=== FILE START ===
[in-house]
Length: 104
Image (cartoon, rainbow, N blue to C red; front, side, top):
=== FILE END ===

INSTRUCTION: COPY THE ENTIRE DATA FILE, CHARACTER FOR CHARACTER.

[in-house]
Length: 104
Image (cartoon, rainbow, N blue to C red; front, side, top):